Indeed. You can't stress that enough. The part of labwork I hated most was working with Tritium-labels. Sure, that plastic shield holds back all the alphas, but stuff gets aerosolized and that is not particular fun.
I saw what you did there...
All the harry dresden books, for example, decided to be in a bold fond in the version I downloaded. Makes purchasing them a LOT more worthwhile (which I ended up doing for the first few, until I decided to give up on the series, but that's another story).
I saw what you did there...
Ah, the memories! Here are some of the stories I've heard and or witnessed over the years.
Hey, I have a similar story from when I was working at Dartmouth College in the mid-80's. I was on third shift with two other guys, one who knew what he was doing, and one who was, uh, not fully technology-enabled.
For some reason, one night the latter person thought it would be a good idea to clean out the cabinet of our Honeywell mainframe. With a broom. A long-handled push broom.
This was on a weekend, when we normally do a full backup (onto good old 9-track tapes), reboot the system into protected mode, verify the system integrity, and go into multi-user mode. Well, we finished the backups, and tried to reboot. Nothing was working, and the diagnostics were wonky and pretty uninformative, and we (the useful co-worker and I) spent an hour or so trying to debug what was going on. It wasn't until we asked the third guy about the machine that he mentioned his cleaning. The boot switches for the IPL were on the door, and when he was in there cleaning, the broom handle toggled several of them, leaving the machine in its unusual state.
Needless to say, we asked him to avoid cleaning mainframes with brooms in the future.
FUSCHIA I really hope that was intentional.
Of course it was... it was a setup for another poster to come along and elevate the irony level via a similarly-constructed officious-seeming announcement in order to enhance the joke and provide, hopefully, additional chuckles among the fine readers of slashdot. Instead, by observing my typo, and failing to take the opportunity to craft a joke out of it in the same vein... why that's a complete waste of a setup. Can you help a brother out and at least continue the joke when the effort of a setup has been made?
This thread, however, is a fine example of depth-first self-flamage. For those of you who were in one of the schools that failed to properly teach computer science, observe and be edified.
Yeah time-shifting is nothing new. It has existed ever since the Sony Umatic VCR released circa 1969. That VCR was too expensive, so Sony went back and created the Betamax (anc JVC copied it to create VHS) in 1975. DVR is not even the first digital recording method - that was miniDV and Digital VHS in the early 1990s. ----- People have been time-shifting for decades. All the DVR did was replace the magnetic tape storage with magnetic disk storage. Nothing revolutionary... it was an evolutionary change.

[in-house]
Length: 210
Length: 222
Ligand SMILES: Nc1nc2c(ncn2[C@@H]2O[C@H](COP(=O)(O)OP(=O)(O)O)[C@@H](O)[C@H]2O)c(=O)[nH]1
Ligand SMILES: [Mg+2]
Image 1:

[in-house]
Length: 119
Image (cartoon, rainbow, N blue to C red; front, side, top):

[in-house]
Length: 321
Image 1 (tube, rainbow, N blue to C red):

On the contrary! Using a disk to store data is completely revolutionary!
Sorry about that... couldn't help myself.
I'm not an engineer so I can't comment on the operating ceiling of the the thing but speaking as a former private pilot, 9,150 meters (FL 28, roughly) is already well above the point where the pilot-in-command would be allowed to operate without supplemental oxygen.In fact, up that high you'd be messing with the three-holer transport jets and would probably need a pretty high-quality heated flight suit.
Erm, FL 280, right?
The actual history of "going to the mattresses" comes from the Joey Gallo and the war between him and the Profaci family. The term appeared in the headlines in the early 60's in the headlines in New York newspapers.
Also, this term appeared in the book "The Valachi Papers". From what I recall, it is supposed to mean getting serious about a mob war, where the various mob soldiers would live in rented houses/apartments, sleeping on mattresses, for the duration of the war.
Their Cingular bill is going to suck.
You mean it's going to be astronomical?
(sorry; I had to)
That justifies baseless claims about the benefits of substances that have yet to be discovered? Or claims that organic farming somehow performs better at providing these hypothesized nutrients?
No. No, it doesn't. Those claims are still just as unfounded and hypothetical as they ever were.
I rarely rise to the bait presented by knee-jerk naysayers and pessimists. *sigh* Sometimes my self-restraint is overcome.
I read TFA, and didn't see a definitive list of "nutrients" they were studying. There were a few, but if the ones mentioned were the only ones studied, then yes they missed a *lot* of compounds commonly regarded as being of nutritive value.
The history of the quantitative and chemical analysis of food has been one of misunderstanding and misapplication of principles. Start by looking at Kellogg and his odd ideas of a healthful diet.
I didn't know you could win an argument by appending a "Period." after your thesis.
Actually the correct steps are: * Present your thesis. * Exclaim PERIOD! * Clamp your hands to your ears and run away shouting "lalalalalalala cant hear you!", before any counter-argument can be made. And there you go, argument won.
Rush Limbaugh?? Is that you?
as a human overlord to welcome our bacteria inhabitants
Two percent of zero is almost nothing.